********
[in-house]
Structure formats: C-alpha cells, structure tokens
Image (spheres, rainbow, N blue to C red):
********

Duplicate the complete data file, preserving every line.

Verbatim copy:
[in-house]
Structure formats: C-alpha cells, structure tokens
Image (spheres, rainbow, N blue to C red):